Virginia's advanced manufacturing capabilities cover all aspects of the automotive industry. To learn why automotive companies have invested more than $1 billion in the Commonwealth over the last decade, click here.

from YesVirginia Business Blog

IT firm moving to Danville

Norhurst will bring staff from Northern Virginia and expand its operations.

“We are gathered here this morning to celebrate resurrection.”

So began the invocation offered Friday by Bob Norton, whose son Tim Norton is bringing the IT company Norhurst to Danville.

Norhurst bought the former Dan River Executive Campus at 2291 Memorial Drive and plans to bring staff from Northern Virginia and expand its operations. Norhurst held a groundbreaking celebration Friday, attended by numerous city and county officials and politicians.

Norhurst will invest $2.3 million and employ 108 people with an average salary of $67,000. The company installs and teaches the use of software such as PeopleSoft, among other services.

The Tobacco Commission has granted Norhurst $625,000 to assist with the building’s renovation. It has suffered significant neglect: The doors have been unlocked, ceilings have fallen, windows have been broken and carpeting is water-damaged. Thieves stole valuable wiring.

Michael McNeely, a Norhurst employee who is helping with the fix-up, said Dan River left behind phones, some furniture and memorabilia.

“Vandals were taking the awards and chunking them out the windows,” said Michael McNeely, a Norhurst employee who is getting the building ready for occupancy.

The announcement was celebrated Friday with a luncheon in the building’s cafeteria — in the dark.

Jason Grey, network manager for the city, worked for Dan River for five years in its executive offices. He said the building is connected to Danville’s fiber optic network, giving Norhurst access to unlimited bandwidth. The computers in the basement ran Dan River’s multiple locations.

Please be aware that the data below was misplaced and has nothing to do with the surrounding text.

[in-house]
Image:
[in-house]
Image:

“It’s pretty much ready to go once they get their internal renovations done,” Grey said.

Tim Norton said the mid-century modern building is a diamond in the rough.

“The footprint is absolutely perfect for our IT services company,” he said.

Norton is hoping that 60 to 70 percent of the company’s Northern Virginia workforce will make the move to Danville.

“We’d like for them all to come,” he said.

Wilkins and Co. Realtors are sending promotional packets and videos to Norhurst employees to introduce them to the area.

Norton said he hopes to set up a customer help desk center in Danville that would allow them to remotely access customers’ computers and fix them.

“We’ve never had that opportunity in the past,” he said.

He could not say, however, how many new positions would be created.

Norton says IT is the business to be in right now. After leaving the U.S. Army, he went into IT after seeing how lucrative it could be.

“Every single business, school and grocery store is using computers,” he said.

“It’s a very good business to be in,” he said. “But you have to know what you’re doing. You have to have good people. And they have to be happy.”

Daville Mayor Sherman Saunders said these are the types of jobs possible for Danville residents if they’re willing to do what it takes.

“If you are under 60 years old, go back to school,” he emphasized in his speech. “Upgrade your skills for jobs like these.”

Chinese furniture maker brings manufacturing jobs to area